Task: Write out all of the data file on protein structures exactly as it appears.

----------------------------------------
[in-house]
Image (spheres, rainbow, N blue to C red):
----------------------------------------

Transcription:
[in-house]
Image (spheres, rainbow, N blue to C red):